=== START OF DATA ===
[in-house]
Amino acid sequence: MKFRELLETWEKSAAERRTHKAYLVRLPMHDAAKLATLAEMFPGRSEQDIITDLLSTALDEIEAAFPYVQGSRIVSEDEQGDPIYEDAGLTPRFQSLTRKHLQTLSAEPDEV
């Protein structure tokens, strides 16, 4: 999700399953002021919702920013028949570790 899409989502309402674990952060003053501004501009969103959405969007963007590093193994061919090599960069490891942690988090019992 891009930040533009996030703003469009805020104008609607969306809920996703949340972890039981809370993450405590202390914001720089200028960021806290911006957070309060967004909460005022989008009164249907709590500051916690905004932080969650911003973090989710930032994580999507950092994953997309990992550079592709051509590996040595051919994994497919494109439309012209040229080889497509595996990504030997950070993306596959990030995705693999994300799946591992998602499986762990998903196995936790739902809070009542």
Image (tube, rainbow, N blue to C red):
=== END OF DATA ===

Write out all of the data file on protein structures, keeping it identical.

[in-house]
Amino acid sequence: MKFRELLETWEKSAAERRTHKAYLVRLPMHDAAKLATLAEMFPGRSEQDIITDLLSTALDEIEAAFPYVQGSRIVSEDEQGDPIYEDAGLTPRFQSLTRKHLQTLSAEPDEV
């Protein structure tokens, strides 16, 4: 999700399953002021919702920013028949570790 899409989502309402674990952060003053501004501009969103959405969007963007590093193994061919090599960069490891942690988090019992 891009930040533009996030703003469009805020104008609607969306809920996703949340972890039981809370993450405590202390914001720089200028960021806290911006957070309060967004909460005022989008009164249907709590500051916690905004932080969650911003973090989710930032994580999507950092994953997309990992550079592709051509590996040595051919994994497919494109439309012209040229080889497509595996990504030997950070993306596959990030995705693999994300799946591992998602499986762990998903196995936790739902809070009542």
Image (tube, rainbow, N blue to C red):